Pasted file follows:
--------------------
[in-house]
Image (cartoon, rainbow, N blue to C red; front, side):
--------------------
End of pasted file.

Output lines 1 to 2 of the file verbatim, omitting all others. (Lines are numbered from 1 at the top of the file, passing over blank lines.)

[in-house]
Image (cartoon, rainbow, N blue to C red; front, side):